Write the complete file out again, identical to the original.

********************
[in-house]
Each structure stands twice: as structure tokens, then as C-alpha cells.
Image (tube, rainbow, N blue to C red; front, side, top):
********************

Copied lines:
[in-house]
Each structure stands twice: as structure tokens, then as C-alpha cells.
Image (tube, rainbow, N blue to C red; front, side, top):